In addition, ACU's handbook also states the college's non-discriminatory policy, which does not cover sexual orientation.

What is ACU doing in response to WESD's decision?

The university has filed a lawsuit against WESD and its board members, in their official and individual capacities.

According to legal documents posted on the website of Alliance Defending Freedom, WESD allegedly violated the religious rights of ACU and Christian students there. 

The lawsuit, according to the documents, seeks an injunction for WESD's decision, as well as ordering the governing board to "reinstate and approve" the agreement with ACU for the 2023-2024 school year. The plaintiff is also seeking to prohibit the defendants from "terminating, rescinding, or refusing to enter into any future agreements with Arizona Christian for the placement of student teachers and practicum students because of the religious status, exercise, or expression of Arizona Christian or its students," as well as "pretext not related to the religious status, exercise, and expression of Arizona Christian or its students."

In addition, the plaintiffs are asking for unspecified damages.

In a statement, officials with WESD said they have been served the lawsuit, but have not had time to review it.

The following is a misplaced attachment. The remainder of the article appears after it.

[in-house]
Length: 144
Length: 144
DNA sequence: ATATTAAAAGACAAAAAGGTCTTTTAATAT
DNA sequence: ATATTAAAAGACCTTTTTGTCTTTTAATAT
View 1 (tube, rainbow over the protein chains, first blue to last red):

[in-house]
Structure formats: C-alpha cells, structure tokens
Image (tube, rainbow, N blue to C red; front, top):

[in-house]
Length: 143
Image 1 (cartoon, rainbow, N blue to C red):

What are others saying about the controversy?

During the meeting on Mar. 9, dozens packed into the meeting room, with hundreds waiting and rallying outside from both sides. 

"That's your religion. We have clear separation of church and state in this country," said Leda Devileger.

"This isn’t even about religion to me. The contract wasn’t terminated. It was not renewed. The board was voted in by the people, by their constituents. They made a decision. It was a 5-0 decision. There shouldn’t be a controversy. It’s down. It happened. Time to move on," said Raquel Mamani.

Supporters with the other group also spoke out.

During the Governing Board meeting on Mar. 9, it was also revealed that members of the board have received death threats.

"Adults are perpetuating bullying. They are perpetuating hatred," said board member Valenzuela.